But there is seemingly another obvious reference when we speak of the perspective from the ‘Cow Belt’ on the US Elections. Many commentators have pointed to the ‘strong man’ who seems to be trending worldwide today and have suggested, as did Pankaj Mishra in an op-ed piece in the New York Times, that Narendra Modi, with his boasts about his 56-inch chest, may have set the example. Trump’s all but explicit remarks about the shriveled penis of one of his opponents in the Republican primary might seem to bolster such a view. But it is doubtful that Trump emulates anyone except himself: he has an equally long history both of boasts and of parading his own masculinity. Moreover, was there ever a time in the politics of the last two to three decades when the ‘strong man’ did not reign? Have we forgotten Manuel Noriega? Or Saddam Hussein? Commentators would have been more on the mark if they had been sensitive to the shifts in the register of masculinity among ‘strong men’, shifts which portend what I would call an incredulous masculinity. What could be more fantastic, for example, then the fact that Rodrigo Duterte, now President of the Philippines, as a candidate promised that if he were elected President he would gun down drug users and traffickers and, as President, would immediately exercise his privileges in granting himself immunity from charges of murder! Whatever one may say of Modi, he lacks this kind of devilish humor and ingenuity.
There is also the matter, finally, of the Chastity Belt. American feminists and women’s organizations have rightfully expressed alarm at the looming erosion of women’s rights, and in particular women’s reproductive freedoms, under a Trump Presidency. The sexual profligacy of Donald Trump, who even hinted that he would have made a stab at his daughter if she were not his daughter, should at once remove the slightest suspicion that anyone might have that the President-elect would like women to be decorous. He may like, one suspects, women to be the playthings of men, but he is no advocate of the view that women should be chaste. The same cannot be said of his Republican allies in Congress, whose views on abortion I discussed in a previous blog and who, it would not be too much to say, certainly think that some women—black women, Latinas, poor women, working-class women, Muslim women—should regulate their sexuality. The metaphor of the ‘chastity belt’, nowadays a sex toy but in its heyday an instrument for ensuring that women did not step out of bounds and remained available to their husbands, was brought home to me when I stumbled upon this gem from Sarah Palin, another wondrous specimen of American political comedy:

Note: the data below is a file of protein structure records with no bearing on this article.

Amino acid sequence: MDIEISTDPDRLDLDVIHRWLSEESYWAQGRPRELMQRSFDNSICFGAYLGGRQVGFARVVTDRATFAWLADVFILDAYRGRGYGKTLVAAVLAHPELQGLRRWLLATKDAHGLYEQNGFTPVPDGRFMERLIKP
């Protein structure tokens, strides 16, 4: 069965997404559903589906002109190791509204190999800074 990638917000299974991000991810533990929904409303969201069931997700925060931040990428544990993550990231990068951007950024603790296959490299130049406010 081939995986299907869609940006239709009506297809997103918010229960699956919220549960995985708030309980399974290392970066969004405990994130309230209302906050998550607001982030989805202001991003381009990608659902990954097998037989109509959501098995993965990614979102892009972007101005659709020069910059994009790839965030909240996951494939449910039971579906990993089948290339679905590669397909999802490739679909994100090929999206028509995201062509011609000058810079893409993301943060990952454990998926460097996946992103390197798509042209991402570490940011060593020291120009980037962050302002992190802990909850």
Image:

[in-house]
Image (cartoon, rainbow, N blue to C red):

With so many belts to go around, I wonder if we might not all want to make a lunge for the lungi: